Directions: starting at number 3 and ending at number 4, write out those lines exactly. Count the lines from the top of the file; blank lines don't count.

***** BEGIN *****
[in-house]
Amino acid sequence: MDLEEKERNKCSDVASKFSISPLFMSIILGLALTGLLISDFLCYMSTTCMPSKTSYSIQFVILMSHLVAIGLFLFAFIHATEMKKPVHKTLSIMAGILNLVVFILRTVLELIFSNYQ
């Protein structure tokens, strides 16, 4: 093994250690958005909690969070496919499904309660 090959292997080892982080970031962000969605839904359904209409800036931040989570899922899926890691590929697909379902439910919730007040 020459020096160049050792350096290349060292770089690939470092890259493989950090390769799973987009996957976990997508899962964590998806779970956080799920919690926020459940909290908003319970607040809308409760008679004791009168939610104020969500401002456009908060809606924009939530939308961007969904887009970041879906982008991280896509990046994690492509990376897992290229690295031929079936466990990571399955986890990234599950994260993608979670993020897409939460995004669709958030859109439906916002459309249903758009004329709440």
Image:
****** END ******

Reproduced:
């Protein structure tokens, strides 16, 4: 093994250690958005909690969070496919499904309660 090959292997080892982080970031962000969605839904359904209409800036931040989570899922899926890691590929697909379902439910919730007040 020459020096160049050792350096290349060292770089690939470092890259493989950090390769799973987009996957976990997508899962964590998806779970956080799920919690926020459940909290908003319970607040809308409760008679004791009168939610104020969500401002456009908060809606924009939530939308961007969904887009970041879906982008991280896509990046994690492509990376897992290229690295031929079936466990990571399955986890990234599950994260993608979670993020897409939460995004669709958030859109439906916002459309249903758009004329709440």
Image: